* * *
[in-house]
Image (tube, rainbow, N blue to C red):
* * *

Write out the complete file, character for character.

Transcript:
[in-house]
Image (tube, rainbow, N blue to C red):